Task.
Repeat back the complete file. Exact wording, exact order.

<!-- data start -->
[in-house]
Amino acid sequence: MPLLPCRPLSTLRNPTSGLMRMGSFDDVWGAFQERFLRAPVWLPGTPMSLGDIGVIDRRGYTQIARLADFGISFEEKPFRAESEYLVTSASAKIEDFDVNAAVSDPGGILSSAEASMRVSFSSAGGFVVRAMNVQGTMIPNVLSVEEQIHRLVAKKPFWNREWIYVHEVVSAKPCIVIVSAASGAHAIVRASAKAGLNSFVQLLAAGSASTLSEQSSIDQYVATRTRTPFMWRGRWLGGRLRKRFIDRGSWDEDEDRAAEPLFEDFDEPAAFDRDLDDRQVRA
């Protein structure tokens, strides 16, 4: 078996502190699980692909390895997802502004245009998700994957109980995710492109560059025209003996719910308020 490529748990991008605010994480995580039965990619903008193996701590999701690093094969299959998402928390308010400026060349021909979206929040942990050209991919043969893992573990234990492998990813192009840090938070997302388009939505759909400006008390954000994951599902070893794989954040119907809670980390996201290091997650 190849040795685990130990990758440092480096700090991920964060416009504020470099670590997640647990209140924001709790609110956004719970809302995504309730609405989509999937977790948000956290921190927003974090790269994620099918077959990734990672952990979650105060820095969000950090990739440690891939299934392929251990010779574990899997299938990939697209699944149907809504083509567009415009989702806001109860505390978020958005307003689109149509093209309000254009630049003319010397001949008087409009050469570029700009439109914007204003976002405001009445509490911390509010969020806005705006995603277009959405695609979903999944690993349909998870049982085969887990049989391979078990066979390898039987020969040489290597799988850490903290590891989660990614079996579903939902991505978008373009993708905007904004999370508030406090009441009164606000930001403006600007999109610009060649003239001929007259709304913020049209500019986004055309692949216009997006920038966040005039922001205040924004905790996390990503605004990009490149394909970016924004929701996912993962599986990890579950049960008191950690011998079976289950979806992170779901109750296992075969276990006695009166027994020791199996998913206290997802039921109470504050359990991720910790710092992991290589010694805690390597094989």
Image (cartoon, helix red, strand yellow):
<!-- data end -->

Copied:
[in-house]
Amino acid sequence: MPLLPCRPLSTLRNPTSGLMRMGSFDDVWGAFQERFLRAPVWLPGTPMSLGDIGVIDRRGYTQIARLADFGISFEEKPFRAESEYLVTSASAKIEDFDVNAAVSDPGGILSSAEASMRVSFSSAGGFVVRAMNVQGTMIPNVLSVEEQIHRLVAKKPFWNREWIYVHEVVSAKPCIVIVSAASGAHAIVRASAKAGLNSFVQLLAAGSASTLSEQSSIDQYVATRTRTPFMWRGRWLGGRLRKRFIDRGSWDEDEDRAAEPLFEDFDEPAAFDRDLDDRQVRA
């Protein structure tokens, strides 16, 4: 078996502190699980692909390895997802502004245009998700994957109980995710492109560059025209003996719910308020 490529748990991008605010994480995580039965990619903008193996701590999701690093094969299959998402928390308010400026060349021909979206929040942990050209991919043969893992573990234990492998990813192009840090938070997302388009939505759909400006008390954000994951599902070893794989954040119907809670980390996201290091997650 190849040795685990130990990758440092480096700090991920964060416009504020470099670590997640647990209140924001709790609110956004719970809302995504309730609405989509999937977790948000956290921190927003974090790269994620099918077959990734990672952990979650105060820095969000950090990739440690891939299934392929251990010779574990899997299938990939697209699944149907809504083509567009415009989702806001109860505390978020958005307003689109149509093209309000254009630049003319010397001949008087409009050469570029700009439109914007204003976002405001009445509490911390509010969020806005705006995603277009959405695609979903999944690993349909998870049982085969887990049989391979078990066979390898039987020969040489290597799988850490903290590891989660990614079996579903939902991505978008373009993708905007904004999370508030406090009441009164606000930001403006600007999109610009060649003239001929007259709304913020049209500019986004055309692949216009997006920038966040005039922001205040924004905790996390990503605004990009490149394909970016924004929701996912993962599986990890579950049960008191950690011998079976289950979806992170779901109750296992075969276990006695009166027994020791199996998913206290997802039921109470504050359990991720910790710092992991290589010694805690390597094989």
Image (cartoon, helix red, strand yellow):